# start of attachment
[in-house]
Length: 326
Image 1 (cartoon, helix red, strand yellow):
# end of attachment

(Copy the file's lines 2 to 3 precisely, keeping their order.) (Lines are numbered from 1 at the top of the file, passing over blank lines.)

Length: 326
Image 1 (cartoon, helix red, strand yellow):